A land value tax (LVT) is an economic policy tool that can be used to support the objectives of Smart Growth development. Its importance is significant to government finance directors as well as community and city planners. This tool splits the standard property tax into its two components of land values and building values. The tax rate is increased on the land part of the property and decreased on the building. The increased tax on land has a negative capitalization effect, resulting in land being priced closer to its true market value. The ability to obtain buildable infill lots at competitive prices makes this type of development more attractive to builders. The decreased tax on building improvements has a positive capitalization effect, similar to other property tax abatements. This provides an economic incentive to develop densely and compactly. This combination of disincentives (the increased holding costs on vacant or underused lots) and incentives (diminished or eliminated taxes on buildings), supports Smart Growth goals of infill directed, compact and dense development, affordable housing, distinctive neighborhoods, and mixed use building.
Municipal Insolvency in Pennsylvania - Improving Act 47
Act 47 is Pennsylvania's answer to what happens when a city loses so much tax base it cannot meet its obligations. Act 47 is regarded as a blessing and curse. This paper examines the Act, and how it can be improved by using land value based policy recommendations.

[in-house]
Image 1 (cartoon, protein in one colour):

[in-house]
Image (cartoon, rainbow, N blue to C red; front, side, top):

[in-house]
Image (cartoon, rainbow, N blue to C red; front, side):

LVT: A UK Perspective on LVT,Planning and Valuation Issues
Land Value Taxation: An Investigation into Practical Planning and Valuation Problems Greg McGILL and Frances PLIMMER, United Kingdom TS27 – Valuation Techniques and Applications Greg McGill and Frances Plimmer TS27.5 Land Value Taxation: An Investigation Into Practical Planning and Valuation Problems FIG Working Week 2004 Athens, Greece, May 22-27, 2004
LVT and Growth Planning
Incentive property taxation: A potential tool for urban growth management Thomas A Gihring, American Planning Association. Journal of the American Planning Association; Winter 1999
Mason Gaffney on Planning and Land Value Taxation
Published in the AIP journal in May 1969, the trenchant analysis is as relevant today as then.